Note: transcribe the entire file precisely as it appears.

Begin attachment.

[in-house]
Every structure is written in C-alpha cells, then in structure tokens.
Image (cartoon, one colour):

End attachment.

[in-house]
Every structure is written in C-alpha cells, then in structure tokens.
Image (cartoon, one colour):